What are mountains used for?

High and low mountain ranges

The Feldberg in the Black Forest is particularly popular with winter sports enthusiasts. Because of its height of 1493 meters, it is easy to ski here. But the Black Forest, although it has high mountains, is one of the German low mountain ranges. The Alps, on the other hand, are high mountains. But what is the difference between low and high mountains?

The simplest answer is obvious: they differ in their height. High mountains start at 1500 - some say 2000 - meters above sea level. So there are mountains whose peaks protrude far above the tree line. Another typical feature of high mountains is that they are formed by glaciers and have steep mountain walls.

Low mountain ranges, on the other hand, have neither glaciers nor steep slopes. Your landscape is rather hilly and rounded. This is due to the fact that it was created much further back than that of the Alps. Originally, they too were piled high in the mountains - more than 300 million years ago. But unlike in the Alps, there has been no uplift in the low mountain ranges for a long time. They are only removed and their shapes are rounded. Some of them are already so badly weathered and worn that only the trunk remains of the former high mountains: the trunk mountains. These include, for example, the Ore Mountains and the Fichtel Mountains.

During their long history, the low mountain ranges have been constantly redesigned. Even the unfolding of the Alps did not leave them without a trace. The forces of the clashing plates put the old hulls of the low mountain range under a lot of pressure. Because of its old age, however, the rock had become so firm and rigid that it could not be folded any further. Instead, like a gigantic sheet of ice, it shattered into huge clods. Some sank, others began to rise. Sinking clods became deep trenches, rising clods developed into high plateaus. The landscape that emerged from it are broken clod mountains like the Harz. Its highest mountain, the Brocken, is 1141 meters high. That is not enough for the high mountains, so that the Harz clearly belongs to the low mountain ranges.


They dreamed of it for years, they climbed for weeks: On May 29, 1953 at 11.30 a.m., New Zealander Edmund Hillary and Sherpa Tenzing Norgay reached their ambitious goal: They were the very first to stand on the summit of Mount Everest!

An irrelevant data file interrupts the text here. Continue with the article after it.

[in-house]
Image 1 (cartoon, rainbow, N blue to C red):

Since the beginning of May, a British expedition has been preparing to climb the highest mountain on earth. A dozen experienced mountaineers, 35 mountain guides and 350 porters with 18 tons of equipment have been on their way from Kathmandu to the foot of Everest since spring. A first attack on the summit takes place on May 26th. But the climbers Tom Bourdillon and Charles Evans fail because of a defective oxygen device: Shortly before the finish line, the two have to turn back.

This is the moment for Edmund Hillary and Tenzing Norgay, who are waiting for their chance at base camp. As the second team, they begin the dangerous ascent. On May 28, they spend an icy night at an altitude of 8,500 meters. The next morning at 4 a.m. they start their last stage: 350 meters in altitude and a vertical rock step are still ahead of them - hardly manageable at this height. But at 11.30 a.m. the two actually made it: They are standing on the highest point on earth, the world is at their feet! Tenzing throws his arms around Hillary. The New Zealander pulls out his camera to capture the situation: the “third pole” has been reached! After 15 minutes on the summit, the two heroes set out on the dangerous descent.

For a long time, the 8,848 meter high Mount Everest was considered invincible. Many expeditions had failed because of the notorious giant in the Himalayas in the past few decades. Brits George Mallory and Andrew Irvine might even have made it before Hillary and Tenzing. However, they perished during the descent and remained missing. To this day nobody knows whether they actually stood on the "mountain of mountains".

The storm night before the summit storm

Before Edmund Hillary and Tenzing Norgay reached the summit of Everest, they spent a terrible, icy night. Hillary described her incredible hardships as follows:

“The night was terrible. An icy storm swept over the highest peak on earth. Tenzing called it the roar of a thousand tigers. The storm swept relentlessly and relentlessly, howling and screeching, overhead, with such force that the canvas of our pyramid tent crackled like gunfire. We were on the South Col, a godforsaken place between the peaks of Everest and Lhotse. Instead of lying down, the storm was still picking up the force, and I was beginning to fear that our fluttering and creaking shelter might be torn from its anchorages and exposed to the elements without protection. In order to save weight, we had left the liners of our sleeping bags behind, which now turned out to be a serious mistake. Even though I was wearing all of my down clothing, the freezing cold got to my bones. A feeling of extreme fear and loneliness came over me. What was the point of it all? You had to be crazy to do something like that to yourself! "